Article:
Jaweed says around 150 women are currently enrolled in the 10,000 Businesswomen initiative. After completing their training at the university, participants prepare a business plan and are then hooked up with donors to receive support and investment. Professors guide and help the graduates for another three months to ensure continuity.
Fatima, a carpenter by training, is one of its graduates. "I now employ 73 women in my workshop," she says. Another graduate, Fatema, is believed to be a pioneer in female management in the construction business.
Yet despite the progress, Jaweed says Afghan businesswomen still face substantial disadvantages compared to their male counterparts, primarily the lack of access to private and government capital.
"Women should be given loans requiring less stringent guarantees by banks," she says, citing harsh existing constraints like demands for provision of two large supermarkets or a growing company as security on loans. "Do you think that in our society a woman can give a supermarket or a big company as a guarantee to a loan?”
It's a problem she has faced personally at her silk production factory. "We still do not have a dying and paint producing laboratory to produce better quality and more colourful products,” she says. "We still use machinery from generations ago."
"Despite a wide variety of barriers and challenges, Afghan women have made remarkable progress in business in recent years." Malawi Jaweed, Afghan Women Business Federation.
Fellow programme graduate Layla Arabshahi wants quota-based participation of women in large business development projects. She believes able women should have a 20 per cent stake, which will allow them to gain access to world markets.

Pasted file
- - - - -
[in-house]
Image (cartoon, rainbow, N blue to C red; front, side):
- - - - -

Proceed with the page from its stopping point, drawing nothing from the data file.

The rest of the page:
But Arabshahi is more hesitant when assessing progress in recent years.
“Women have so far failed to come out strong and make their presence felt as people who work for themselves and their communities in the field of business," said Arabshahi, who as well as working as a trainer at the AWBF, manages the Social Services Center for Women. This has 2,500 members and offices in Kabul, Bamiyan and Ghazni.
She criticizes the lack of real assistance for women by institutions and authorities like the Ministry of Commerce and the Chamber of Commerce of Afghanistan. As well as the problem of eligibility to secure bank credits, she notes that industrial parks fail to allocate premises for specifically female-run enterprises. And in a country with strict conventions on the segregation of the sexes, this is a great oversight.
But she cites one thriving example, Kabul's Bagh-e-Zanana (the Female Garden). This retail centre run exclusively by women can be a model for expansion, she believes.
A female store owner in Kabul (Photo: Fawzia Ihsan)
Meanwhile, others like Lida at the Rasooli shopping centre will keep building on their achievements. "I am very proud to have served as a role-model for many other women who now work here," says Lida.
Najiba is a saleswoman who was initially nervous at taking on the role some eight months ago. She estimates that at least 30 per cent of all salespeople in the complex are now women.
“When people see me, they say it is good, that Afghanistan has developed. When I hear such comments, it makes me happy, ” says Najiba. But such are the times that she too requested not to be photographed face-on, or that her real name is published.
It's small steps of progress still, acknowledges Jaweed of the AWBF. But she is convinced that such small-scale activity will also help pave the way: “These opportunities are very limited but can be valuable steps towards important and major changes in the future."